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|August 21, 2000||
Sydney cool to Summer GamesScott McDonald in Sydney
Welcome to the Land Down Under Summer Olympics, where locals are waiting for winter to end before getting into the party mood.
With the Summer Games less than a month away, the atmosphere in Sydney is still cool for the size of the party the city is about to give.
Australians are famous for their love of sports, a place where swimmers are national heroes known to every schoolchild, but that exuberance has yet to emerge as the final countdown gets under way to the September 15 opening ceremony.
The downtown area has banners up, but they are for the Olympic Art Festival.
There are a few stores selling Olympic souvenirs.
But there is no comparison to Japan's Nagano, site of the last Olympics, where the 1998 Winter Games were held, or Atlanta, site of the last 1996 Summer Olympics.
Almost every store in those two cities had an Olympic display boasting of the coming world gathering months, even years, before the Olympic torch arrived.
"We support the Games, we just aren't ready yet," one Sydney store assistant said when asked where the Olympic souvenir displays were.
Even some of the major Olympic sponsors, such as McDonald's, do not have any Olympic displays up yet in Sydney.
Nike has announced plans to put up a 70-metre (230-ft) high billboard of Australian track star Cathy Freeman on the side of a Sydney building -- sometime in the next two weeks.
There are some signs that Australia's largest city is expecting to have its population of 4.5 million swollen by up to one million.
Warnings painted on streets tell pedestrians to "look right" -- Australians drive on the opposite side of the road from North Americans and most Europeans -- but there is little else.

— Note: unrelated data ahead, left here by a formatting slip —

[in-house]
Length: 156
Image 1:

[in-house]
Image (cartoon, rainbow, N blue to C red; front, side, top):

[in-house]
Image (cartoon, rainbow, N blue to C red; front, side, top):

With Australia just coming out of the southern hemisphere winter, many people are still bundled up against the cold in Sydney.
Some buses are plastered with Olympic posters and messages, but as many others carry advertisements for cold remedies.
Even though final touches are being put in place, including huge Olympic rings on Sydney Harbour Bridge facing the world famous Sydney Opera House, some residents feel not enough has been done.
"There is too much indifference in the city about the future of Sydney. The fact we haven't even dressed the city for the Olympic Games yet says a lot about what we are like," said Rod McGeoch, the Sydney 2000 Olympic bid chief who resigned from the organising board in 1998.
"We are finally getting a set of rings up on the bridge for a bid we won seven years ago. That says a lot about the indifference running through the place," McGeoch was quoted as saying by The Australian Financial Review.
All Olympic venues were completed on or ahead of schedule, and have drawn wide praise,
But trying to find a sign at the main train station in Sydney saying how to get to Homebush Bay, the main Olympic site about 20 km (12.5 miles) away, is another matter.
The current Australian Olympic athletic trials are overshadowed by the news that a top local television presenter who was to do Olympic shows was having an affair with a married coworker.
The affair was splashed on the front pages of local newspapers, resulting in the television network pulling the presenter off its Olympic coverage.
Ironically, the Channel 7 network, the domestic rights holder for coverage of sporting competition, was one of the first to get its Olympic posters out on the city's fleet of buses.
They are now considering whether to change the posters because the presenter is featured prominently in them.
Mail Sports Editor
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